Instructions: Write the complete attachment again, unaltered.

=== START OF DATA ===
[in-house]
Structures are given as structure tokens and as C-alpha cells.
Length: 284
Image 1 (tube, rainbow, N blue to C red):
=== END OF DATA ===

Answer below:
[in-house]
Structures are given as structure tokens and as C-alpha cells.
Length: 284
Image 1 (tube, rainbow, N blue to C red):